This is the "Keyword & Boolean Searching" page of the "Smart Searching" guide.
Alternate Page for Screenreader Users
Skip to Page Navigation
Skip to Page Content

Smart Searching  

Spend less time sifting through Google results and more time actually getting your work done! There are many strategies for searching more efficiently online, and great ways to connect the information you find to your assignments.
Last Updated: Dec 8, 2015 URL: http://kua.libguides.com/smart Print Guide RSS Updates

Keyword & Boolean Searching Print Page
  Search: 
 
 

What is Boolean Searching?

While most of know about keywords, Boolean searching is a powerful way to specify your search. Most search engines include this option, though it can look different depending on the database. Based on logic, Boolean operators include the words AND, OR, and NOT and they are used to include or exclude words or .  

Operator Examples Results
AND or +


business AND ethics
cooking AND Spain

+business +ethics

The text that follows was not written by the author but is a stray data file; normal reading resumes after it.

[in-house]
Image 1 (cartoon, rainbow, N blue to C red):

+cooking +spain

Retrieves records that contain    
ALL of the search terms.
OR


hotels OR motels
www OR world wide web
theater OR theatre

Retrieves records that contain
ANY of the search terms, but
does not necessarily include
all of them.
NOT or -


java NOT coffee
Clinton NOT (William OR Bill) 

+java -coffee
+clinton -(william or bill) 

Excludes records containing
the second search term.
 

Keyword & Boolean Searching

Just entering a couple of keywords into a search box often results in too few, too many, or irrelevant results.

In order to retrieve the most relevant results, you will need to construct a search string.  A search string is a combination of keywords, truncation symbols, and Boolean operators you enter into the search box. The diagram above shows how the different search results overlap.

Almost every search engine has an "Advanced Search" that provides a template for Boolean searching.

Boolean searches allow you to combine words and phrases using the words AND, OR, and NOT. These words are knows as Boolean operators (connectors).They will limit, widen or define your search so that you are less likely to get too many unrelated hits when you search for a subject.

Truncation or wildcards allow you to search for variations of a word or phrase. For example, school* will search for school, schools, and schooling.


 

Head Librarian

Profile Image
Marianna McKim
Contact Info
Send Email
 
Description

Loading  Loading...

Tip